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SG Repair

This was one of the most difficult damage repair jobs I have ever run into. The original break was bad enough, but work was complicated by a previous misbegotten attempt to do the repair with Gorilla Glue, and the neck rake was set too low so that the lowest possible setup, with the bridge all the way down to the top, was unplayably high.

Apparently whoever did it was so discouraged that they didn’t even clean up the excess glue. Joinery with Gorilla Glue cannot be separated with any solvents and heat knives make little headway even where the joint is accessible. Here the glued parts had to be separated by drilling them out leaving very little original wood in the area.

On the upside, the necessary repair resulted in greater strength in the neck-to-body joint area than did the original construction.

SG repair 141 The poor thing as it came into the shop.

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SG repair 232 What remained after drilling apart the glued seams. Note how the end of the neck, with fragments of the body attached, is hollowed out with little original wood remaining.

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sg repair 333 View of the area after initial gluing together of the major parts. Notice how you can see right through the body in places to left and right of the neck. The first reinforcement piece has been added to the back. Repairs were made using high quality epoxy glue.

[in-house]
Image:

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sg repair 434 The next step was to mill out the area to an evenly shaped space. This left barely any wood in the area and even with the new piece glued to the back the connection between the neck and body was very weak.

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sg repair 535 View of the milled out area on the treble side, bass side similar. Had to handle the instrument very carefully at this stage to avoid losing ground!

 

 

 

sg repair 51.15.1 At this point the very fragile assembly is clamped with the neck rake (here being checked using thread) properly set before gluing in new parts to reinforce the area.

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sg repair 636 New wood is glued into the area. Note that the two pieces nearest the neck left and right of center have their grain oriented at right angles to the wood in the body. This is what produced greater strength in the area than in the original construction.

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sg repair 737 The new wood area is milled for the neck pickup and wiring channel.

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sg repair 939 With all structural repairs completed a trial string-up was in order.

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sg 10.110 This proved the neck rake allowed plenty of room for adjustment to low setup –note the space between the top of the body and the bridge elevation adjustment wheel with very low string elevations over the fingerboard. There is enough room in the elevation adjustment to lay the strings right down on the frets. Also note that there is sufficient difference in height between where the strings’ ball-ends are secured in the tailpiece and where they rest on the bridge saddles to provide firm seating of the strings on the saddles for good sustain and tonal clarity.
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sg repair 11311 Sanding the repaired area of the back.

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sg repair 12312 Airbrushing to blend the finish.

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OLYMPUS DIGITAL CAMERA13 A tough job completed!